Focusing on mazars in the Fergana Valley, this article develops, rather than an interdisciplinary, a multidisciplinary approach to worship places.  From varied perspective the paper examines successively the mazars’ historical evolution from ancient times (in Mazdean cults, in particular) till the present; their geographical situation (regional, provincial, district-wide, local); the cult performed mixing natural, practical and immaterial elements; the mazars’ spatial orientations; the question of their origin; their formation according to their socio-economic environment (whether sedentary agrarian or pastoral nomadic); their various roles in fields like ecology, settlement, exchange, health; the pilgrimage and the regulation of the pilgrims’ behaviour. This last point would have deserved a comparative analysis at the scale of the world of Islam insofar as such a regulation can be regarded only as a part of a larger phenomenon. The different sections are all characterised by a neo-materialist perspective which seeks to avoid a strictly religious anthropology.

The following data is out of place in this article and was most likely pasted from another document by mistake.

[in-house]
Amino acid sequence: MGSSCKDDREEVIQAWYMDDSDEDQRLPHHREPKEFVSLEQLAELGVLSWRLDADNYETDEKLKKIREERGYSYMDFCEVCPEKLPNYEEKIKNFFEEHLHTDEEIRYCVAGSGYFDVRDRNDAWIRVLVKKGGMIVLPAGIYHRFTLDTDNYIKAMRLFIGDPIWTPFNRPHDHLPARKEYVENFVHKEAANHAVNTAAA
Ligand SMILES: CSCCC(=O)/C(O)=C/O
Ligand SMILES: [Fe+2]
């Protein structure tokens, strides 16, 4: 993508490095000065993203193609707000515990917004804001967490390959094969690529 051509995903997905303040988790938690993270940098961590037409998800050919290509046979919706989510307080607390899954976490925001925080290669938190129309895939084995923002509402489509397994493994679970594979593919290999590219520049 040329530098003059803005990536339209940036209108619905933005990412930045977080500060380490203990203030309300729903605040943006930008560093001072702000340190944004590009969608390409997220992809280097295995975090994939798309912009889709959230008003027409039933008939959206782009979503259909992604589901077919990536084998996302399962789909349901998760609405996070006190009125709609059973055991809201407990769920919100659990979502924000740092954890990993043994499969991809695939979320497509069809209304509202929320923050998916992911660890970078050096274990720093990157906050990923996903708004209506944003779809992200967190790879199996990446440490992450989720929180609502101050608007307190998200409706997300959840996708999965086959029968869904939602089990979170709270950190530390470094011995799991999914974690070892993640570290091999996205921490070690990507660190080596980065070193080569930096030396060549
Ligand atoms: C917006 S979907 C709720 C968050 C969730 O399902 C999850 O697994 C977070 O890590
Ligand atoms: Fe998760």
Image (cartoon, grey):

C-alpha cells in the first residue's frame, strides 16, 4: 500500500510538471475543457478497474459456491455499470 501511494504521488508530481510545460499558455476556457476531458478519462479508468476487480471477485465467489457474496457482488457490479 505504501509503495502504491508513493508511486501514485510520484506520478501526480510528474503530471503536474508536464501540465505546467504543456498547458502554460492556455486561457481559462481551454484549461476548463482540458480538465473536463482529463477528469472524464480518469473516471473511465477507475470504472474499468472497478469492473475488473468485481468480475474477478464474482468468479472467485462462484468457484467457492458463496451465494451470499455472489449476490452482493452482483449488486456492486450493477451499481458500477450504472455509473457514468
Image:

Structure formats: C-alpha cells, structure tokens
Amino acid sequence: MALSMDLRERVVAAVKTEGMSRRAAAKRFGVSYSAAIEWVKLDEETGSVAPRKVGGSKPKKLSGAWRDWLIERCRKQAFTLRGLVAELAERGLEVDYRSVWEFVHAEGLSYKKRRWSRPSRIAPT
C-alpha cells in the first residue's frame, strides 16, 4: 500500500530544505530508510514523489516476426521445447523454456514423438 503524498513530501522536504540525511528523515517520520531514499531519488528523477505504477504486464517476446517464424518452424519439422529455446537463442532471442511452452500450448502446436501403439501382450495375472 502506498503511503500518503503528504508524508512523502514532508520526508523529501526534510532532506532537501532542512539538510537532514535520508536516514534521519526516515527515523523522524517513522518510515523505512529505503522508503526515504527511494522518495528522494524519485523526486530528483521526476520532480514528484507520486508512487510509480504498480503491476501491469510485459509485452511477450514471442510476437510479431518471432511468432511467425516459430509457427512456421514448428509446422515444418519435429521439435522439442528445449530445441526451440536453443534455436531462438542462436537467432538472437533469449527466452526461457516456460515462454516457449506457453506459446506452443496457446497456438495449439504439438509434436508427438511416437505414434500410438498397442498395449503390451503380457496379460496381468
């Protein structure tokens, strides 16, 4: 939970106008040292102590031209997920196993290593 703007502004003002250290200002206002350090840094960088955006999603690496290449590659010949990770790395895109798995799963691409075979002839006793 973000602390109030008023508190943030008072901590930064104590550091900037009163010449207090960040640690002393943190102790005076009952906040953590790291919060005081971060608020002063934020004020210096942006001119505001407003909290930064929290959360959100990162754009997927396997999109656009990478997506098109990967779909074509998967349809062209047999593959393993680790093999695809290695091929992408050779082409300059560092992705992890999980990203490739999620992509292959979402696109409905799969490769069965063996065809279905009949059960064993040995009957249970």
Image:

Alexandre Papas, National Centre for Scientific Research, Paris
CER: I-5.3.D-487